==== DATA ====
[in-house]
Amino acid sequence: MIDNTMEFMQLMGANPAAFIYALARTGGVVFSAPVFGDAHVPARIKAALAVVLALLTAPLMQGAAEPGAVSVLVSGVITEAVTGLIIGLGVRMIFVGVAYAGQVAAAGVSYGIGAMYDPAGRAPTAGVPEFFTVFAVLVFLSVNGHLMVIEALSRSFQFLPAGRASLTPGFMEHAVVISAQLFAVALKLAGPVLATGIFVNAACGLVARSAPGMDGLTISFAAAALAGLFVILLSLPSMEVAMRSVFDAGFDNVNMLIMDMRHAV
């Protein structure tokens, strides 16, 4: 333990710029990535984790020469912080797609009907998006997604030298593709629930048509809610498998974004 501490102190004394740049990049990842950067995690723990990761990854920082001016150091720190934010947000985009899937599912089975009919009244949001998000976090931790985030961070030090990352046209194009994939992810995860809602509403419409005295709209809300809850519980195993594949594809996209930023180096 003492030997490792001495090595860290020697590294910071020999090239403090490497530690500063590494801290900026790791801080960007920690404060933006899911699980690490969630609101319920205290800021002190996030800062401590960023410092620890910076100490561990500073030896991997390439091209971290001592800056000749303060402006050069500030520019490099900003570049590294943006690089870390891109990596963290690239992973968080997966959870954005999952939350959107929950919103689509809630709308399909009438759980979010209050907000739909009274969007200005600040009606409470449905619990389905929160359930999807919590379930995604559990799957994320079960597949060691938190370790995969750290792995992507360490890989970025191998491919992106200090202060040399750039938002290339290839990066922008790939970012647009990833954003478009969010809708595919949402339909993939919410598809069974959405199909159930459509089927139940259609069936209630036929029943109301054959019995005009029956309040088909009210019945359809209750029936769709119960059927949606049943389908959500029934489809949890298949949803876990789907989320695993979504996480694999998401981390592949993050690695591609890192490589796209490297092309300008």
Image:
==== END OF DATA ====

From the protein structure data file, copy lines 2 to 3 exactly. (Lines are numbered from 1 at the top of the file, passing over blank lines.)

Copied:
Amino acid sequence: MIDNTMEFMQLMGANPAAFIYALARTGGVVFSAPVFGDAHVPARIKAALAVVLALLTAPLMQGAAEPGAVSVLVSGVITEAVTGLIIGLGVRMIFVGVAYAGQVAAAGVSYGIGAMYDPAGRAPTAGVPEFFTVFAVLVFLSVNGHLMVIEALSRSFQFLPAGRASLTPGFMEHAVVISAQLFAVALKLAGPVLATGIFVNAACGLVARSAPGMDGLTISFAAAALAGLFVILLSLPSMEVAMRSVFDAGFDNVNMLIMDMRHAV
């Protein structure tokens, strides 16, 4: 333990710029990535984790020469912080797609009907998006997604030298593709629930048509809610498998974004 501490102190004394740049990049990842950067995690723990990761990854920082001016150091720190934010947000985009899937599912089975009919009244949001998000976090931790985030961070030090990352046209194009994939992810995860809602509403419409005295709209809300809850519980195993594949594809996209930023180096 003492030997490792001495090595860290020697590294910071020999090239403090490497530690500063590494801290900026790791801080960007920690404060933006899911699980690490969630609101319920205290800021002190996030800062401590960023410092620890910076100490561990500073030896991997390439091209971290001592800056000749303060402006050069500030520019490099900003570049590294943006690089870390891109990596963290690239992973968080997966959870954005999952939350959107929950919103689509809630709308399909009438759980979010209050907000739909009274969007200005600040009606409470449905619990389905929160359930999807919590379930995604559990799957994320079960597949060691938190370790995969750290792995992507360490890989970025191998491919992106200090202060040399750039938002290339290839990066922008790939970012647009990833954003478009969010809708595919949402339909993939919410598809069974959405199909159930459509089927139940259609069936209630036929029943109301054959019995005009029956309040088909009210019945359809209750029936769709119960059927949606049943389908959500029934489809949890298949949803876990789907989320695993979504996480694999998401981390592949993050690695591609890192490589796209490297092309300008």